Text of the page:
Code officer to deal with dangerous buildings

By Dawn De Busk

Staff Writer

CASCO — For most people the response is repulsion: The sight of a dilapidated, abandoned building that is easily visible from a main road.

For most folks, a building with a roof falling in and overgrown weeds playing the role of a fence does not fall into the category of a scenic view. Some would call it an eyesore.

In addition to not being aesthetically pleasing, such a structure could become a tempting ‘playground’ for children to explore or young adults to stake as a party zone.

And, the potential for injury concerns many in this community.

Whether in the main view or off on some side road, an abandoned home on private property poses hazards to public safety.

Most often it is an abutter who makes the phone calls to the town to see what can be done.

Casco Code Enforcement Officer (CEO) Don Murphy has decided to respond to those complaints.

Murphy recently updated the Casco Board of Selectmen about the town’s initial steps toward disposing of dangerous buildings.

The first structure being considered for disposal is located near the corner of Route 11 and Cooks Mills Road. Portions of the roof have collapsed, and that damage is visible from both roads. Yellow caution tape encircles the premises.

There will be a public hearing on Oct. 23 for that home and property. The public hearing will begin at 7 p.m. at the Casco Community Center.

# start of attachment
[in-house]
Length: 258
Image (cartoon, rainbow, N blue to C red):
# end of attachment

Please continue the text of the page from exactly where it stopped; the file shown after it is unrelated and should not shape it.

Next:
Murphy outlined the best means of disposal for the structure off Route 11.

“The problem with burning is that it is in close proximity to other homes. Abutters have come in with concerns,” he said.

“That is why I recommended the building should be demolished and removed using a yard dumpster,” he said.

The legally required process of disposing of dangerous structures on private property is a long one. First, the town notified the property owners through an official letter. Most often, tracking down the owner proves to be a difficult task.

The public hearing allows involved parties to appear before the town’s selectmen. Also, it provides time between notification and demolition for the previous residents to remove anything they wish to salvage, Murphy said.

According to Town Manager Dave Morton the previous residents will be allowed access to their personal belongings.

“There is no prohibition from being on their property. We would encourage them to retrieve their belongings,” he said.

“We should go through this dangerous building process because owners never removed things,” Morton explained.

Several structures are on the disposal list; and the town is going through the process of legal notification before setting public hearings for those dangerous buildings.

Earlier this spring, Murphy had already identified many of the dangerous buildings around town. But it was not until late summer that a cat-hoarding case brought to the town’s attention another unsound structure. On that property, an addition to the barn had been rendered unstable and threated the resident’s safety, according to Murphy.

“We are looking into the removal of the collapsed addition that is attached to the barn,” he said.

“Official engineers could come out to the house, and see how to make it more safe,” he said.

“We will be keeping track of it,” Murphy said.


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